English Project Lagona English - Page 3

Care for the Doer

The textile industry, in particular, was transformed by industrialization. We still remember the days when textiles were made mainly in people’s homes (giving rise to the term cottage industry). Merchants used to provide the raw materials and basic equipment, and then pick up the finished product. Workers enjoyed this very much as they were free to set their own schedules under this system, even though merchants were not very pleased because of the loose control they had. In the 1700s, a series of innovations led to ever-increasing productivity, while requiring less human energy. Englishman James Hargreaves (1722-1778) invented the spinning jenny, a machine that enabled an individual to produce multiple spools of threads simultaneously. The spinning jenny was improved upon by British inventor Samuel Compton’s (1753-1827) spinning mule. Another key innovation in textiles, the power loom, which mechanized the process of weaving cloth, was developed in the 1780s by English inventor Edmund Cartwright (1743-1823). This really resulted in great industrial growth. But I'm more concerned about the people working behind these machines. While we should be proud of our inventions, we should also try to prevent their misuse. A machine can work continuously, but it does not mean that the humans should be treated like machines and forced to work in poorly ventilated places with lots of noise and air pollution. We need to stand up for better working conditions, because if we do not, then we will become slaves to greed and hunger of big industrialists. Their sea-like bellies would never fill even with our lives.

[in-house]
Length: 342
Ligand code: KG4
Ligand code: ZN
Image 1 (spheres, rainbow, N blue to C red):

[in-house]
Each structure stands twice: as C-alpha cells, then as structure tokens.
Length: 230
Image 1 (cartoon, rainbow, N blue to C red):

--- Gurumanpreet Singh

Editor in chief